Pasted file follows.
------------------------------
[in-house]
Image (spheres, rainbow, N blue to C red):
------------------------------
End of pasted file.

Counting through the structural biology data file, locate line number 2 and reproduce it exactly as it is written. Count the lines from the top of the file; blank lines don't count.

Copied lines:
Image (spheres, rainbow, N blue to C red):